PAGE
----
Non-compete Agreement Lawyer
Are non-compete agreements enforceable in California?
In California, many companies require employees to sign non-compete agreements or customer non-solicitation employment contracts as a condition of their employment. Often times an employee of company “X” will resign and gain employment with company “Y” — a direct competitor of company “X”. In other situations, an employee of company “X” will start his or her own business and solicit current or former customers of company “X”. In these situations, employers will seek court assistance in an effort to compel their former employees to honor non-compete and customer non-solicitation agreements.
At the law office of Fisher & Talwar, we have extensive experience in representing employers and employees in non-compete contract disputes. We offer a position of strength from our experience in handling both sides of highly complicated employment disputes. Our law firm’s non-compete agreement attorney will take every measure possible to protect your interests. Contact our law firm today to schedule a free initial consultation at our Los Angeles law firm.
Defining Non-compete Agreements in California
Non-compete agreements generally contain language saying the employee will not render services, directly or indirectly, for a period of one year after separation of employment with a competitor of a former employer.
Unlike many other states, in California these types of non-compete or anti-solicitation agreements are generally void and not enforceable. This is true even if the non-compete agreement is narrowly tailored, i.e., limited in geographic location and time. This is because California Business and Professions Code §16600 states:
“Except as provided in this Chapter, every contract by which anyone is restrained from engaging in lawful profession, trade, or business of any kind is to that extent void.”
Until recently, California courts unanimously used the so called trade secret exemption to enforce these non-complete/non-solicitation agreements. Specifically, courts routinely held that a non-compete agreement was valid and enforceable if it was necessary to protect trade secrets of the former employer.
In the recent case of Dowell v. Biosense Webster, Inc., California Court of Appeal questioned whether or not there was a common law trade secret exception to Business and Professions Code Section 16600. Following in the footsteps of Edwards v. Arthur Andersen LLP and The Retirement Group v. Galante, the Dowell court concluded that Section 16600 “prohibits employee non-competition agreements unless the agreement falls within a statutory exception.”
The Dowell court further noted:
“Section 16600 bars a court from specifically enforcing (by way of injunctive relief) a contractual clause purporting to ban a former employee from soliciting former customers to transfer their business away from the former employer to the employee’s new business, but a court may enjoin tortuous conduct (as violative of either the Uniform Trade Secret Act and/or the unfair competition law) by banning the former employee from using trade secret information.”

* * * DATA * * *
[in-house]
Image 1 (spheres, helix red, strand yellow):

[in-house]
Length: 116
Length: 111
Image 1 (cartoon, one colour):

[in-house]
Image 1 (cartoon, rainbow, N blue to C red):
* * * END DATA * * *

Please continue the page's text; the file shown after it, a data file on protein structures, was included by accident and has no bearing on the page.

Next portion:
Hence, according to the Dowell court, claims of misappropriation of trade secrets are actionable and the “conduct is enjoinable not because it falls within a judicially created ‘exception’ to section 16600’s ban on contractual non-solicitation clauses, but is instead enjoinable because it is wrongful independent of any contractual undertaking.”
California Non-Compete Agreement Lawyers
If you are involved in a trade secrets misappropriation claim it is vital to have an experienced non-compete agreement attorney on your side. At Fisher & Talwar, we are highly skilled in litigating misappropriation of trade secret claims.
Los Angeles Nonsolicitation of Employee Agreement Lawyers
Enforcement of Anti-Raiding Claims
Many employers require their employees to sign employment agreements. The agreements are designed to prohibit employees from soliciting or encouraging other employees to leave their employment in order to join a direct competitor. These types of agreements are often called “anti-raiding” agreements. Unlike noncompete agreements that violate California public policy and are therefore unenforceable, California courts have in some situations upheld nonsolicitation of employee agreements. Los Angeles attorneys at Fisher & Talwar are highly qualified in litigating nonsolicitation of employee agreements.
Handling Anti-Raiding Claims in Southern California
The validity of these agreements will depend upon:
- The reasonableness of the restrictions;
- The impact they may have on the trade; and
- The person being restrained and potential pool of employees
Thus, if the anti-employee-solicitation covenant slightly impact’s one’s ability to compete but allows the employer to maintain its work force and continue to engage in its business, the courts will likely uphold the restrictive covenant.
Contact Our California Anti-Employee Raiding Claims Attorneys
The attorneys at Fisher & Talwar are well versed in litigating nonsolicitation of employees or anti-employee raiding claims.Contact our Los Angeles trade secret attorneys online or call (213) 891-0777 to schedule a free initial consultation. We are available to meet with you between 8:30 a.m. and 6:00 p.m. Monday through Friday. Evening and weekend consultations are available by appointment.